Alde Mudflats Nature Reserve

Oystercatcher - Peter Cairns/2020VISION

Oystercatcher - Peter Cairns/2020VISION

Alde Mudflats Suffolk Wildlife Trust

By Steve Aylward

Grey Plover - David Tipling/2020VISION

Grey Plover - David Tipling/2020VISION

Alde Mudflats Suffolk Wildlife Trust

By Steve Aylward

Marsh harrier  - Andrew Parkinson/2020VISION

Marsh harrier  - Andrew Parkinson/2020VISION

Alde Mudflats Nature Reserve

Please note: No access possible to provide an undisturbed sanctuary for birds; however, there are good views from Iken Cliffs footpath.

Extending for almost three shimmering miles at low water, Alde Mudflats is a vast expanse of inter-tidal mud fringed by a rich band of salt marsh.


Church Lane, Iken, near Snape
IP12 2EN

OS Map Reference

A static map of Alde Mudflats Nature Reserve

Know before you go

128 hectares

Entry fee


Parking information

Excellent views over the reserve from the Iken car park to Iken Church shoreside path

Walking trails

Best views are from the footpath from Iken Cliff car park eastwards towards Iken Church


No access possible to provide an undisturbed sanctuary for birds; however, there are good views from Iken Cliffs footpath. 

No drone flying without express permission.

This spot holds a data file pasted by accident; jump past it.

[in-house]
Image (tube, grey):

(Permission will only be granted in exceptional circumstances)

If you'd like to visit this reserve as a group, please contact us in advance.


On a lead

When to visit

Opening times

Open at all times

Best time to visit

November to January, April to June

About the reserve

The reserve itself, leased from the Crown estate to secure a vital refuge for birds as our estuaries become increasingly busy, cannot be directly accessed. But viewed with binoculars from the footpath that winds from Iken Cliff car park to Iken Church, it is well worth a visit. Jutting out into the Alde estuary, the seemingly endless plains of mud support nationally important numbers of avocet, which can be seen strutting and probing the gloopy ooze for succulent invertebrates.

The protected nature of this 316 acre site also mean large numbers of curlew, black-tailed godwit, oystercatcher, grey plover, wigeon, pintail, teal and dunlin – whose shrill calls shiver across the waterscape – also use the reserve in winter. During breeding season redshank, oystercatcher and marsh harrier, a species particularly vulnerable to disturbance, raise their young here.

It is well worth combining a visit to this reserve with Suffolk Wildlife Trust’s Hazelwood Marshes and Snape Marshes, which help form an important network of nature reserves on the broad trunk of the river estuary. But then, although the walk at Alde Mudflats may be short, the ever-changing views go on forever.      

Contact us

Suffolk Wildlife Trust
Contact number: 01473 890089

Environmental designation

Natura 2000
Site of Special Scientific Interest (SSSI)
Special Protection Areas (SPA)

Location map